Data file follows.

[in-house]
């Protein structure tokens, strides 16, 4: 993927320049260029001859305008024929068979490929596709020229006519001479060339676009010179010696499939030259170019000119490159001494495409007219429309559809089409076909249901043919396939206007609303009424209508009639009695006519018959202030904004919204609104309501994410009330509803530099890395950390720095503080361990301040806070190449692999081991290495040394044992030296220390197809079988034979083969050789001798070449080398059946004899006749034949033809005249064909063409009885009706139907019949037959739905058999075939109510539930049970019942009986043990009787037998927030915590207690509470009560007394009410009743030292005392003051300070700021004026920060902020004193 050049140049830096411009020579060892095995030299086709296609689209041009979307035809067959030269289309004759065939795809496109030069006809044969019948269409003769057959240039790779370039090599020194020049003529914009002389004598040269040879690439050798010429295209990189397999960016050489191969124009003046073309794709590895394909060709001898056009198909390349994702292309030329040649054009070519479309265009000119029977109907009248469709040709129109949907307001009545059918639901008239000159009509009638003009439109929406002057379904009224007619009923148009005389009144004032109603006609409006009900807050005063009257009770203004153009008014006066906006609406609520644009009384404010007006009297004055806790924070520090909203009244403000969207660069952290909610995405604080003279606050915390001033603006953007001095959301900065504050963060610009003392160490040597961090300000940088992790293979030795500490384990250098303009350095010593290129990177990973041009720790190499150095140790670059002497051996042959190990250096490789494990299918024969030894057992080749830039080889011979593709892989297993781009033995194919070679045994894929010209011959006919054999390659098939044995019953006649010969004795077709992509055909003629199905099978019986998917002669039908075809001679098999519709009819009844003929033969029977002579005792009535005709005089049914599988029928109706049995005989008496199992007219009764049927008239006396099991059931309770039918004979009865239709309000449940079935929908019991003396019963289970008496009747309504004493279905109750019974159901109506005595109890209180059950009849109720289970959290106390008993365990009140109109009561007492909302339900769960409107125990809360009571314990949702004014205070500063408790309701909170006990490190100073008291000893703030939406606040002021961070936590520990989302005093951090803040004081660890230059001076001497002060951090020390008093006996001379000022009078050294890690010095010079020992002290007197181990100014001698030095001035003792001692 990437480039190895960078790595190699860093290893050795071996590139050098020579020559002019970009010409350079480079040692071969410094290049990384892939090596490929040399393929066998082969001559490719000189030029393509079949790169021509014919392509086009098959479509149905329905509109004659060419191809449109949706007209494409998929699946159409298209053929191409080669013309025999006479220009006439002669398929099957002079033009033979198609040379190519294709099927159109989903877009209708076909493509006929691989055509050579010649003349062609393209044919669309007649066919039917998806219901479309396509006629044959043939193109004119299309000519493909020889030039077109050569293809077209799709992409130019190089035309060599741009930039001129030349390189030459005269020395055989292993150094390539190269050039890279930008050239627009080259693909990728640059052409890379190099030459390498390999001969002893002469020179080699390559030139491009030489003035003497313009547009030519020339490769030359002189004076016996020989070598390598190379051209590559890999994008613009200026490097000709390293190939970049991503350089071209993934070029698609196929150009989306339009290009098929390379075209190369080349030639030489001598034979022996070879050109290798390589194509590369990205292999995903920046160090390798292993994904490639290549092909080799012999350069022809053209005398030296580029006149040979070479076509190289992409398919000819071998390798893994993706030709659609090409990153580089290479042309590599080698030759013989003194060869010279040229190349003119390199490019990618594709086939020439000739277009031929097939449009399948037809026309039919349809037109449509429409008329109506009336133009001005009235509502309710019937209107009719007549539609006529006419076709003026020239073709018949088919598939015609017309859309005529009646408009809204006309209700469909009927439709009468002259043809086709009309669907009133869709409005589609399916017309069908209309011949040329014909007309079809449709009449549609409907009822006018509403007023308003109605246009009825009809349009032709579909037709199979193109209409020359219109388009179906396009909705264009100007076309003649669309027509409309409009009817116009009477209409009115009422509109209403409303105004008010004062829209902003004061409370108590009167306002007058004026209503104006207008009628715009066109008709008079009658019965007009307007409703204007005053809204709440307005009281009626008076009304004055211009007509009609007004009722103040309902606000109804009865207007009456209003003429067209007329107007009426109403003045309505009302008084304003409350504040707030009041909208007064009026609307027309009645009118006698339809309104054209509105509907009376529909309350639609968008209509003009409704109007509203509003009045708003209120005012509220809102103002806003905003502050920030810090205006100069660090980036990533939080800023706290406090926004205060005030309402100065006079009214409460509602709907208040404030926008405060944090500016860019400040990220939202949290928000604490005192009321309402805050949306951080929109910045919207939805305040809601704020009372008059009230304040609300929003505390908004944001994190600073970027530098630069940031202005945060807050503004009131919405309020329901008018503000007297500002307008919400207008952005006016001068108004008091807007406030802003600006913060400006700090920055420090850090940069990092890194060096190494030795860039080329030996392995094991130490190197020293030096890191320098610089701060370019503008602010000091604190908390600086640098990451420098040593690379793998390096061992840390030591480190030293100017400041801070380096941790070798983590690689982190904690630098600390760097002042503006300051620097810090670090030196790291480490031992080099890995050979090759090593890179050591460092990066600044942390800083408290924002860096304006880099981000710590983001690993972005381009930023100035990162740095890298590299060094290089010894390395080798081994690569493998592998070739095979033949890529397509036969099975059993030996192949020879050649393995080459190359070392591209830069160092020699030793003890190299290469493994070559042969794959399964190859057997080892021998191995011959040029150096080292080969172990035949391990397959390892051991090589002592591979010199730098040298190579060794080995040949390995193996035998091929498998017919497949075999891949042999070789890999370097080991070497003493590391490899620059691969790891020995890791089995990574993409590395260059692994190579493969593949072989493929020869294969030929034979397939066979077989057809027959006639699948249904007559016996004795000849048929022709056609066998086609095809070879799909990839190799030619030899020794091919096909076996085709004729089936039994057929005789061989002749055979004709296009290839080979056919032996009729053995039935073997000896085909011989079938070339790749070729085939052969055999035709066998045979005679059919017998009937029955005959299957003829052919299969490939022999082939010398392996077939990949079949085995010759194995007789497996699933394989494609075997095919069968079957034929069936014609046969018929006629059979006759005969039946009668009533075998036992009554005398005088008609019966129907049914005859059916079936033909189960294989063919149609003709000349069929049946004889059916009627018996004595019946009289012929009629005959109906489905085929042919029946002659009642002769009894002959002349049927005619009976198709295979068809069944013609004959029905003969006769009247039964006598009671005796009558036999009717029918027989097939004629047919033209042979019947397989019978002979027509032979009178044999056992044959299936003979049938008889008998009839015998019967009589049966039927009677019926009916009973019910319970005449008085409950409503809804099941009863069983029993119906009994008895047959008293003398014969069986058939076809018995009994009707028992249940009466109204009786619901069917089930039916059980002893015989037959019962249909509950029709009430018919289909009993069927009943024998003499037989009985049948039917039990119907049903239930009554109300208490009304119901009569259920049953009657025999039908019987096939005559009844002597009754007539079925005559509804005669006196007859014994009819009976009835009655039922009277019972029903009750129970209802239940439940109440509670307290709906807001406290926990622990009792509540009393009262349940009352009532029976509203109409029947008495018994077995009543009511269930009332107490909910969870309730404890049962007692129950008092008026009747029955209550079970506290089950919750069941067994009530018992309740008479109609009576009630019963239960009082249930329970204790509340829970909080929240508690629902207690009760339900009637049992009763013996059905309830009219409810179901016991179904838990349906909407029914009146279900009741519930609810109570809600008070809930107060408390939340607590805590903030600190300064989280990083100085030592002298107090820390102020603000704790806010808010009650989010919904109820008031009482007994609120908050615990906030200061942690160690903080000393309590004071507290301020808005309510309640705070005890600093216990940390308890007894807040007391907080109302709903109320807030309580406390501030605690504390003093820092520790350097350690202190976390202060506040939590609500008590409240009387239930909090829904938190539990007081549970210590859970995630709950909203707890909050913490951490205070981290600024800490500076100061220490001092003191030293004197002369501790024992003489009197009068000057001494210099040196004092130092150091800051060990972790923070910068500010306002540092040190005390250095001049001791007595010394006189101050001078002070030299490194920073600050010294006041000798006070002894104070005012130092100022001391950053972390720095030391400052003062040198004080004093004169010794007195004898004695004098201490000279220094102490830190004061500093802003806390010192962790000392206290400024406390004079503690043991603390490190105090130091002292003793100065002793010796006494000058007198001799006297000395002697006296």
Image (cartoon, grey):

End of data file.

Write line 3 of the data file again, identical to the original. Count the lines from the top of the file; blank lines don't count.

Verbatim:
Image (cartoon, grey):